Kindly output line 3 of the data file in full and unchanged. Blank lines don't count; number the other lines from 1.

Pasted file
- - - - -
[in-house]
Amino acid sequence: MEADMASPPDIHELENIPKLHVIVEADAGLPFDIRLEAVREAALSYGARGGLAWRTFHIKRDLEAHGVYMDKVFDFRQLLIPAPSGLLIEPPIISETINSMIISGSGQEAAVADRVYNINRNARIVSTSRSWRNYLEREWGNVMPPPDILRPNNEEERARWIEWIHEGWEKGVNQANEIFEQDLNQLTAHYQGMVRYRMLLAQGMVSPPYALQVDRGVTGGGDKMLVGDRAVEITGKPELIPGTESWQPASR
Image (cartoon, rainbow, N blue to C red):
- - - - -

Image (cartoon, rainbow, N blue to C red):